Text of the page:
Like the rest of the country, Buncombe County is gearing up to count its residents as part of the 2020 census. But Tim Love, the county’s director of intergovernmental projects, points out that the tally could also help Buncombe count on increased revenue from the federal government.
In a presentation at the Aug. 6 pre-meeting of the Board of Commissioners, Love said that the county misses out on roughly $1,600 of federal funding annually for every resident who goes uncounted. According to the U.S. Census Bureau, nearly $690 billion of federal spending in fiscal year 2015 alone was distributed based on census data.
“This could be counting a newborn, a 3-year-old, a 50-year old — it doesn’t matter,” Love explained. “If we’re able to increase our participation rate by 1%, that would be approximately 2,500 residents of Buncombe County, which equates to $4 million in federal funding annually and $40 million over 10 years.”
The county has set a goal of 80% participation from its more than 259,000 estimated residents for the upcoming census. That target represents an increase of 4 percentage points over the 76% participation rate in 2010. Buncombe’s participation in the last census was in line with that of North Carolina as a whole; regionally, only Henderson County recorded a higher rate at 78%.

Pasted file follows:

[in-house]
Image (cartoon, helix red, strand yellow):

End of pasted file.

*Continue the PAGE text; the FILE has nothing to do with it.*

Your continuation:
To achieve its goal, Love said Buncombe County has created a census working group with representatives from municipal governments, several county departments and the Asheville Area and Black Mountain-Swannanoa chambers of commerce. Moving forward, the county will establish a Complete Count Committee with support from area schools and universities, nonprofit and faith communities, business leaders and the media.
Love said the committee, which will first convene in late August, will “hone the messaging and create the buy-in to get folks understanding the value of the census and what they need to do.” He clarified that county employees will not directly be participating as census takers but will instead stick to community outreach.
While the committee hopes to develop its communication plan by late October, Love said, the Census Bureau itself will not begin mailing questionnaires until mid-March. He said residents should expect to receive a “short form” census consisting of 10-15 questions and can respond by mail, phone, online or in person.
Love did not directly address the controversial — and ultimately failed — effort by the administration of President Donald Trump to include a citizenship question on the upcoming census but acknowledged there’d been “a lot of attention on the census this year.” He emphasized that census employees will never call or email residents and will bear official identification when conducting in-person visits.